I’ve decided that drunken blogging is somewhat akin to balancing a spoon on the end of your nose in public – you rarely succeed and look like a bit of a jackass in the process. Nevertheless, it is 11:38 pm and I find myself blogging while playing a game called Jigsaw World. The purpose of the game is…yes, assembling jigsaw puzzles on your computer. This could only be slightly less numbing than assembling jigsaw puzzles in real life. The only benefit I can see is that I can do the game jigsaw puzzle without taking up space on my already cluttered dining room table. Also, Jigsaw World provides me with lovely pictures, such as an arrangement of berries and cream on fine china.
I now desire delicious berries and cream on fine china.
I find it also entertaining that my typing skills are markedly degraded, but that I still go back and correct all my typos as I type. Once a copyediot, always a copyediot. And, no, that’s not a typo.
On the bright side(hi-yah, cliche), alcohol seems to cure me of my Jane Austen complex, the one that doesn’t let me publish anything unless it’s a shimmering gem of obscure and inexorable beauty. I’m fairly sure this entry will rank low in my Greatest Blog Entries list (if anyone is counting). But that’s okay – I still rank above people who blog when they are out of toothpaste (my pardons if this is you – I promise that I’m captivated by your choice of spearmint).
My father has the journal-ing habit, but he does his on pen and paper, mostly. When he does type them, he still doesn’t publish them online. They are for his eyes alone and maybe sometimes my mom. He shares them with my brothers and me if he thinks we’ll find them interesting. I think sometimes of what it will be like when I have to go through his papers and effects, when he’s gone.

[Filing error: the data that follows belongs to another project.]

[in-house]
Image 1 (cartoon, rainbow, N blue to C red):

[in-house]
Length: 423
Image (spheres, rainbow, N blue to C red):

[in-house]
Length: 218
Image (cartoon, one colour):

Fifty plus years of journal-ing – a life captured in its complexities and frivolities, its pettiness and its beauties. I’m sure I’ll read of things I’d rather not know, but all in all I will probably find it moving how a human being reaches out to leave a record of its existence.
It only takes a handful of generations to efface all direct memory of a person. It makes me sad that anyone whom I meet now will never know my grandmothers, either of them. They will never know my grandfather, whom I called ‘Pa’. They will listen as I explain how he used to tug on my pigtails and said “Ding, ding, off at Shelby”. I would then have to explain how he rode a streetcar when he was young and they would ring the bell when they reached the ‘Shelby’ stop and say those exact words.
I got to sleep over sometimes and would tuck in with him. Before he fell asleep, he would tell me stories: Once, he and his brother bought a piece of candy. This candy made them fly. He would describe it so realistically, all the people so tiny below, pointing up at them, and I would believe it. To this day, I still sometimes look for that piece of candy that will make me fly.
I will explain these things to people, but they will only ever be abstract. One day, I will be gone, and if I am both memorable and lucky, people will maybe tell stories of their grandmother who had a grandfather who had a piece of candy that made him fly.
[Repost from 12/11/08 -ed]